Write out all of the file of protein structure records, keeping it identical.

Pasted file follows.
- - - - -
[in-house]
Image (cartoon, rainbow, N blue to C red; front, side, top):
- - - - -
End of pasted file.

[in-house]
Image (cartoon, rainbow, N blue to C red; front, side, top):